QMark: The use of life-cycle analysis in environmental impact assessment
Kate von Pokorny explores the idea that life-cycle analysis can help fill in any gaps found in the environmental impact assessment process
The idea of merging assessment tools and frameworks together is one that causes controversy among consultants and scholars alike. Recently, the merging of life-cycle analysis (LCA) with environmental impact assessment (EIA) has been highlighted and explored by many EIA-focused research scholars, who have successfully demonstrated the benefits LCA can bring to the EIA process. Past research shows that LCA has been successfully combined with other tools such as environmental management systems, risk assessments and strategic environmental assessments – so why not combine it with EIA?
What exactly is LCA? LCA is a non-mandatory system that evaluates a product’s processes, activities, emissions and impacts throughout its lifespan – from extraction to production, consumption, disposal and recycling (Figure 1). There are currently three well-known approaches to LCA: conceptual LCA, detailed LCA and simplified LCA. The type of LCA applied is dependent on the type of project it is being used to assess. The most appropriate sectors that LCA can be applied to are agriculture, industrial production and transportation (rail and highways) – important sectors that could result in significant environmental effects if adverse impacts are not understood and appropriate mitigation measures identified.
One of the main weaknesses of the EIA process is that, while it can assess the positive and negative impacts that may arise from a project level development, it lacks the ability to address both global and regional environmental effects along each product’s life-cycle – something that LCA achieves in detail. Researchers have assessed published EIAs and applied detailed and simplified LCA to the projects (Figure 2) where the outcomes have shown opportunities for further considerations on areas such as waste, climate and materials, which EIAs alone overlooked. For example, LCA would require a project-specific materials assessment at the early stages to identify the best materials to use for each project; this would be achieved by looking into the life-cycle of each of the individual materials that could be used prior to, during and after construction, as well as at how the material is made and transported, and its lifespan and disposal potential. This helps to identify the most economically, environmentally and socially acceptable option.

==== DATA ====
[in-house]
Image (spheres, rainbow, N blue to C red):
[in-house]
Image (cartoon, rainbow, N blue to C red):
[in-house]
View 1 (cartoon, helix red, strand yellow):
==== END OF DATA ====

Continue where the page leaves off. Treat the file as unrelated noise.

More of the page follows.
The main constraints when applying LCA to the process is that it is likely to be quite a costly process, particularly for the detailed and simplified LCA approaches. A data inventory would be required in order to understand the impacts each product would have. In order to use this at an EIA level, these data inventories would need to be constantly updated and standardised. In theory, this could work, but in reality, all organisations undertaking LCAs within their EIAs would have to continually contribute to this – unlikely, as the EIA process is already time consuming. Conceptual LCA appears to be the most easily applicable approach; this is often referred to as life-cycle thinking (LCT) and is more of a thought process than a prescriptive approach. It does not often come with any added costs and is unlikely to cause time constraints, but it will have the least benefit out of the three approaches.
In 2017, I asked a number of EIA consultants across the UK, from a range of different consultancies, whether they included any form of LCA within their EIAs – and also asked for their opinions on the feasibility of the inclusion of LCA into the EIA process. The majority of respondents hadn’t heard of LCA, and none included detailed or simplified LCA. Two respondents claimed they used their own form of LCT within their EIAs. The majority of consultants also said they did not think the inclusion was currently feasible when applied to real life EIAs, as time constraints and costs are already an issue with EIA. The consensus was that unless a suitable ‘one size fits all’ approach is made – easily adaptable and not too costly or time consuming – then the negatives that come with this concept may outweigh the benefits. This is not to say that LCT shouldn’t be included as good practice, and I believe that if increased awareness of LCT and how it can inform EIAs is encouraged, the quality of EIAs may improve.
Kate von Pokorny is a graduate environmental consultant at Arcadis Consulting (UK) Limited.